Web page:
Robert Redford's latest film, "The Legend of Bagger Vance," is definitely best described with one word - melodramatic.
The movie, based on a Steven Pressfield novel, turns the game of golf into a metaphor for life.
Rannulph Junuh (Matt Damon) is at the top of his golf game and has just won the hand of the beautiful and wealthy Adele (Charlize Theron) when he's drafted into the Army. After his return, he can't overcome the trauma of war - he's given up on golf, broken ties with Adele, and turned to the bottle for comfort.
Then Bagger Vance comes along.
Vance, played by Will Smith, mysteriously enters Junuh's life as his caddy to help him recover more than just a lost golf swing.
The movie attempts to blend comedy, romance and drama, with mediocre results.
Jack Lemmon narrates the tale in a framing sequence. Theron and Damon's tense reunion gives the film an edge - but not enough of one. Smith's puzzling character provides the comedy, as well as much of the drama. But if you're looking to find out what exactly his "legend" is, don't hold your breath.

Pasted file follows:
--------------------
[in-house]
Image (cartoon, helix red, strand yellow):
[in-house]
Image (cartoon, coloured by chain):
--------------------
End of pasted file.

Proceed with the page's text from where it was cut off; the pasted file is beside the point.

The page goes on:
He remains an enigma throughout the movie; despite his seeming omniscience, you never quite figure out if he is a ghost, a prophet or just a bum with a good golf swing.
Vance helps Junuh retrieve his lost "swing" - literally assisting Junuh with his golf game as well as helping him get his life back on track.
The whole "golf is life" metaphor is intriguing at first. Vance is so mysterious when he appears out of thin air that you can't help but be curious about what this man, who seems to be incredibly knowledgeable, is saying.
Vance is absolutely dripping with philosophical idioms. He equates a man's grip on his golf club to the way the man lives his life. Then he remarks that his swing is something unique to every individual - something he is born with deep inside.
This is all fine and well, but it goes a little overboard -